My hair is thick now. Healthy and vibrant and now everyone sees that my hair is doing something amazing, all on its own. All I had to do was nurture it, protect it, nourish it and support its growth and development, but try NOT TO PLACE MY WILL ON IT. I had to let it go and in time it became something amazing (well at least I think so). I feel like children are similar.  Before discovering the Sudbury model I was a traditionalist, because I knew no other way. I did feel that something was wrong with the path I was on. I reflected on how much I hated my school experience from PreK-12th.  I reflected on how as a teacher I grieved for those students who fell through the cracks of the system and I felt helpless to do something for them! Then I discovered the Sudbury model and the schools who follow it and became enlightened about how children only need our love, support, encouragement and nurturing to become something amazing. They don’t necessarily  need any form of our will placed on them, and whatever input we provide to them, should be directly connected to supporting them in reaching their personal goals.

My hair was already programmed by the Creator God to be what it is.  Doing

Play is so important!

anything outside of that, was damaging to the hair.  When I LET GO and let it grow in its purpose and design, it revealed itself.  Children are the same way.  From conception, I believe that children are programmed by God with who they were made to be.  However, somehow, we as parents feel that we know what that is. Only the child really knows and I am seeing that most children are able to articulate what it is pretty early in their life. We are deafened and blinded by our own dreams and wishes for our children.  We ignore what they are screaming for us to let them become. We are held captive by  wanting to compete with our friends and what their children are accomplishing. We are paralyzed by a fear of our child being behind their peers.

My afro in 3rd grade.

I am not talking about letting a child just behave however they want, but I am talking about letting a child go on the journey to figure out what their heart is leading them to do for their life purpose.  It’s in there!  My hair was always meant to loc.  I remember my mom trying to comb my hair when I was a little girl, and it was torture!  My hair did not want to be combed. In fact, most times the teeth of the comb would break off when she tried to comb it. I hated it so bad that I asked her to cut all of my hair off when I was in 3rd grade.  People thought I looked like a boy, but I was so happy not to have to endure getting my hair combed.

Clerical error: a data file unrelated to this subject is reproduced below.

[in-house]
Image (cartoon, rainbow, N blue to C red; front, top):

Just as my hair, which is not nearly as valuable as the life of a CHILD, had the right to declare how it wanted to grow, a child of any age has the right to declare who they want to be.  I think one of the most heartbreaking things is when a child loves art and a parent tells them they have to pursue something that makes more money.  If a child wants to be a clown in the circus, they should be able to pursue that and honestly, I believe if they follow their passion, their bent, their inner calling they will be successful! If we all just let our kids go, loving them, supporting their dreams, providing what they need to reach their goals, then they will be something more wonderful than we could ever imagine.

I feel so strongly about this after watching my non-logical, non-thinking locs form naturally and beautifully. A human child, that was born with the instinct to think and to use logic, can be great, even if it’s not what we want or hope for them.  They don’t need our dreams and visions to achieve their purpose. They need us to let go, like I had to do with my locs. And at the end of the waiting, when they become whatever they are supposed to be, then we can be the parent that enjoys the admiring stares and the questions, “So how’d you get your child to be so successful?” And just like I said about my locs, “Nothing. I just nurtured them and let them go.”

To end I’d like to share a little poem that expresses my thoughts:

Children Are Like Locs

We are just there to support them in reaching for their dreams and goals.

Children are like locs
Just let them live and grow
Let them go
And be
And do
And dream
Whatever is in their hearts
Let them pursue their inner goals
Without interfering
Let them go

Like a loc that is not dreadful
Forms and grows on its own
Until there’s a headful
Of luscious ropes flowing free
Down your back
A crown for all to see
A child left alone will be
What God destined him
Or her to be

They don’t need our control
To help them discover what’s in their soul
Like locs of hair that grow on their own
A child’s purpose lies inside and is known
By them alone
We are only here to love them
Nurture them
Encourage them
And help them as needed
When they call out to us
To help them reach it.

Hair that is manipulated
Messed with too much
Breaks and dies
It’s the same with a child
Whose thoughts and dreams
Are interrupted but what we think seems
To be best for them
But we have to let go
So they can grow
Mind locked into what
Is in their hearts
And they reach it on their own
While we step aside
Setting them free
To be
Whoever God says they are.